Minesweeping. October 1940, on board the battleship HMS Rodney. Whenever enemy planes had been in the vicinity of the fleet's anchorage overnight, it is fairly certain mines were laid and the minesweepers have plenty of work. The Minesweepers BRAMBLE and SPEEDY passing close to RODNEY on their way out of harbour. Their sweeps can be seen trailing.
Minesweeping. October 1940, on board the battleship HMS Rodney. Whenever enemy planes had been in the vicinity of the fleet’s anchorage overnight, it is fairly certain mines were laid and the minesweepers have plenty of work.
The Minesweepers BRAMBLE and SPEEDY passing close to RODNEY on their way out of harbour. Their sweeps can be seen trailing.

However the big battleships were not the class of ship to deal with the main threat at the time, the U-Boat menace.

The Dutch merchantman Ottoland had almost completed her journey from New Brunswick, Canada when she hit a mine in the North Sea on 5th October 1940. She was already sinking when Coastal Command aircraft arrived on the scene and her cargo of timber and pit props had floated off. Minesweepers were directed to rescue the crew, seen in a boat top right.

The Ottoland was just one of thirteen ships sunk in the week up to the 10th October, at the time it was believed she had been torpedoed. The statistics for ship losses were closely monitored and featured every week in a report to the War Cabinet:

Enemy Attack on Seaborne Trade.

During the period [the week up to 10th October], thirteen ships (32,369 tons) have been reported sunk. Of these, four British (18,141 tons), one Dutch (2,202 tons), and two neutral ships (7,465 tons), were sunk by submarine. Four small ships (1,710 tons) were mined, and two British ships (2,851 tons) were sunk by aircraft. In addition, three British ships (14,418 tons), previously reported as damaged, are now known to be sunk, and three ships (25,418 tons) were destroyed by enemy raiders in the Indian Ocean in September.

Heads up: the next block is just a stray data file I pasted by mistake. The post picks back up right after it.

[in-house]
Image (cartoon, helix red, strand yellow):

The reduction in tonnage lost during this week may be partly due to bad weather.

See TNA Cab 66/12/43

George Beardmore finds a land-mine

On leaving, Jean asked the gatekeeper: ‘Is that tub-shaped thing with the parachute attached part of the show?’ To which he replied: ‘What tub-shaped thing? I don’t know anything about a tub-shaped thing. I’ve been on fire-watch all night.’ Ten minutes later the fun began. The police arrived at the double and turned the whole street out of doors, advising them to leave doors and windows wide open and then to make themselves scarce while the bomb was de-fused.

A photograph of an unexploded German Parachute Mine.
A photograph of an unexploded German Parachute Mine.

The novelist George Beardmore was living in North Harrow and working for the BBC as a despatch rider in 1940. He had just become a father and had been declared medically unfit for military service earlier in the year. His diary records the effects of the war on London and especially its effect on his family and the people around him. On the 29th September:

A land-mine floated down by parachute onto the Kodak playing-fields just over the houses opposite and rendered us homeless. It was Jean and I who had found it. Over the weekend a captured Messerschmidt had been put on show, sixpence to view, a shilling to sit in the cockpit. Jean and I had turned up first thing — were indeed the first customers because I had to go to work and the plane was only just round the corner at the top of the street.

On leaving, Jean asked the gatekeeper: ‘Is that tub-shaped thing with the parachute attached part of the show?’ To which he replied: ‘What tub-shaped thing? I don’t know anything about a tub-shaped thing. I’ve been on fire-watch all night.’ Ten minutes later the fun began. The police arrived at the double and turned the whole street out of doors, advising them to leave doors and windows wide open and then to make themselves scarce while the bomb was de-fused.

While I went to work, Jean took the baby to some cousins in Kenton. Jean’s mother is taking the raids badly and re- turned in a panic to her cottage at Newton Longville. Someone came and removed fuse and detonator and here we are back home again.

See George Beardmore: Civilians at War: Journals, 1938-46.

For more on Landmines see 21st September 1940.

Messerschmitt Bf 109E-1 flown by Oberleutnant Karl Fischer of 7./JG 27, shot down on 30 September during a bomber escort over London. The aircraft crashed in Windsor Great Park and in October was put on display to the public outside Windsor Castle, to raise funds for the Borough's Spitfire fund.